Indian cardinal: Proposed confession ban is 'absurd,' unconstitutional
Aug. 1, 2018
A proposed ban on the sacrament of confession suggested by a government body in India was slammed by Catholic leaders as an unconstitutional violation of religious freedom.
The move to abolish confessions in all churches in the nation was put forth by India’s National Commission for Women, a government advisory agency.
The proposal, which was part of a larger report on church sexual abuse, follows two recent scandals in India involving confession, including one in which a bishop was accused of raping a nun, and another in which four priests of the Syro-Malankara Orthodox Church were accused of using confession to blackmail and sexually abuse a 34 year-old married woman.
Cardinal Oswald Gracias, archbishop of Bombay and president of the Catholic Bishops Conference of India (CBCI), said in a statement he was “shocked” by the proposed ban.
“(The ban) betrays a total lack of understanding of the nature, meaning, sanctity and importance of this Sacrament for our people; and also an ignorance of the strict laws of the Church to prevent any abuse,” he said. Furthermore, were such a ban actually enacted, it would be a violation of the freedom of religion guaranteed by the country’s constitution, Gracias said.
“Millions of people from all over the world, over the centuries, have testified to the spiritual benefit of this Sacrament and to the grace, pardon and peace they have experienced as a result of receiving this Sacrament,” he added. “I am confident the Government will totally ignore this absurd demand from the Commission.”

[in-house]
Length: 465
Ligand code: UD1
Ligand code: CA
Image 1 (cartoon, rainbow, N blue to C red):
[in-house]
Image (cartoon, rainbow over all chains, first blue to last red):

Gracias said the government should focus on broader issues such as domestic violence, the protection of battered women and women’s development and empowerment.
“The Church wishes to promote even more the advancement of women in society and is ready to collaborate with the National Commission for Women for this, as it does with other agencies.”
In an interview with Vatican News, Gracias noted that he was even more confident that the ban would not pass, since a government minister publicly said he did not agree with the ban.
Several religious leaders from throughout the country joined in criticizing the ban.
Cardinal Baselios Cleemis, the major archbishop of Trivandrum and leader of the Syro-Malankara Catholic Church, said that the ban was too broad of a response to a few specific criminal incidents.
“You can’t generalize things citing some incidents. If there is a crime, the law of the land should deal with it. You can’t blame religious customs citing this,” he said, according to Vatican News.
Father Varghese Vallikkatt, spokesperson for the Kerala Catholic Bishops Conference, said the ban “is an attack on the Christian faith and spiritual practice.”
“We strongly feel that the recommendation is unwarranted and violates the honour and credibility of the Christian community,” he said, according to AFP.
According to local media, the National Commission for Minorities vice-chairman George Kurian also criticised the proposal during a TV discussion, calling it unconstitutional and saying that it unnecessarily provokes division and misunderstanding among minority communities.
The government of India is officially secular, while nearly 80 percent of the population identifies as Hindu. About 2.3 percent of India’s population identifies as Christian, making it the third largest religious group in the country.
According to local media, church authorities in India have promised full cooperation with investigations into the latest scandals.
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